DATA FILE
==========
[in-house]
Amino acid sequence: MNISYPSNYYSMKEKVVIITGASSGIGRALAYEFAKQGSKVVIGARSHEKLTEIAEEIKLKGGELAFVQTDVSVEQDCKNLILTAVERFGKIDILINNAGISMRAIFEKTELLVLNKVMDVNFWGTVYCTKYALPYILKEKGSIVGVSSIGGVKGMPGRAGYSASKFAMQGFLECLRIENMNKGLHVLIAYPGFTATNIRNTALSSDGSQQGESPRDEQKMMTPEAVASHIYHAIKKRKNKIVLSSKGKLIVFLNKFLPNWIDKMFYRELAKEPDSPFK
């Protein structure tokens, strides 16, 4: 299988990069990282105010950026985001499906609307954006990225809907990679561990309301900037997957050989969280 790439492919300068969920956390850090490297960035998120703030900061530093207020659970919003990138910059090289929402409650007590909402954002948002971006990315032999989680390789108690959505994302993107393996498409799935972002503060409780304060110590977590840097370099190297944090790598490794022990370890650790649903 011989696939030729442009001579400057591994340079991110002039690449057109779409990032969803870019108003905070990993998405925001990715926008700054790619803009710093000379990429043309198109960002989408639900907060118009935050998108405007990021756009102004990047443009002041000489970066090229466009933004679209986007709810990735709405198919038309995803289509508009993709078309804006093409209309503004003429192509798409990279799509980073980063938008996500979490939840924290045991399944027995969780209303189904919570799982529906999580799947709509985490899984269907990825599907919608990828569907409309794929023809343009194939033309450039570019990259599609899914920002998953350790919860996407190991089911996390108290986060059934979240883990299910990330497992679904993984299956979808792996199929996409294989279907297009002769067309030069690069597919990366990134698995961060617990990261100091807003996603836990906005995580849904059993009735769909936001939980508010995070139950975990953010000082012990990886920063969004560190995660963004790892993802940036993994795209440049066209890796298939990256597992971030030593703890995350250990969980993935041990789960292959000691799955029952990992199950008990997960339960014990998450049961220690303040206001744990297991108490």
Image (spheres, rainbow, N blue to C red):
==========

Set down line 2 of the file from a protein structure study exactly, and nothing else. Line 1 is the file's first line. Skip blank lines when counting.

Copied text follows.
Amino acid sequence: MNISYPSNYYSMKEKVVIITGASSGIGRALAYEFAKQGSKVVIGARSHEKLTEIAEEIKLKGGELAFVQTDVSVEQDCKNLILTAVERFGKIDILINNAGISMRAIFEKTELLVLNKVMDVNFWGTVYCTKYALPYILKEKGSIVGVSSIGGVKGMPGRAGYSASKFAMQGFLECLRIENMNKGLHVLIAYPGFTATNIRNTALSSDGSQQGESPRDEQKMMTPEAVASHIYHAIKKRKNKIVLSSKGKLIVFLNKFLPNWIDKMFYRELAKEPDSPFK